The promise of targeting iron in the brain for Parkinson’s
Why is it important?
- Novelty 80% 80%
- Proximity 80% 80%
- Deliverability 60% 60%
This excess iron hampers neuronal survival directly, and increases the build up of a-synuclein which damages neurons as it forms clumps inside them. So reducing this excess iron using “iron chelator” drugs should be beneficial. One of these is Deferiprone, often used in blood disorders where regular blood transfusions can unintentionally cause iron overload. Since it crosses the blood-brain barrier, an important hurdle when targeting the brain, it mops up excess iron and counteracts its toxic effect on neurons. Based on this and strong evidence from animal studies, Deferiprone was prioritised by the LCT committee in 2012 as a potential disease modifying therapy.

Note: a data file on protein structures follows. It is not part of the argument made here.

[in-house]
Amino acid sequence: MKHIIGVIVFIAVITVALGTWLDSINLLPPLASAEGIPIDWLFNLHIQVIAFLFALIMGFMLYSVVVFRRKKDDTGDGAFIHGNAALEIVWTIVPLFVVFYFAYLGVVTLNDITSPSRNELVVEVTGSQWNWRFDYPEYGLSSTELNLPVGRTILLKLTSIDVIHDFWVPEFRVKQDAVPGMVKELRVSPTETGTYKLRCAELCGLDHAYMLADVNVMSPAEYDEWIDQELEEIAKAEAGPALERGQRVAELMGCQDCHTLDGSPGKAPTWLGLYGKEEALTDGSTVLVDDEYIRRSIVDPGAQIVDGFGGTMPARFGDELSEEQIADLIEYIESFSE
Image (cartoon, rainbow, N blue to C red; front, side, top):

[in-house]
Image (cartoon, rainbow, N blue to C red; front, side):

FAIRPARK II (link below), a larger European multicenter, parallel-group, placebo-controlled, randomized clinical trial, is recruiting newly diagnosed patients to assess whether Deferiprone can slow down Parkinson’s. 388 people will take Deferiprone orally twice daily or placebo for 9 months, and will be monitored over the course of a month after the end of the treatment period. Their movement scores as well as aspects of quality of life and cognition will be assessed.
Where can I learn more?
Martin-Bastida, A., Ward, R. J., Newbould, R., Piccini, P., Sharp, D., Kabba, C., . . . Dexter, D. T. (2017). Brain iron chelation by deferiprone in a phase 2 randomised double-blinded placebo controlled clinical trial in Parkinson’s disease. Sci Rep, 7(1), 1398. doi:10.1038/s41598-017-01402-2
Devos, D., Moreau, C., Devedjian, J.C., et al. (2014). Targeting chelatable iron as a therapeutic modality in Parkinson’s disease. Antioxid Redox Signal, 21, 195-210.
Original article: Moreau, C., Duce, J. A., Rascol, O., Devedjian, J. C., Berg, D., Dexter, D., . . . group, F.-I. s. Jan 30, 2018. Iron as a therapeutic target for Parkinson’s disease.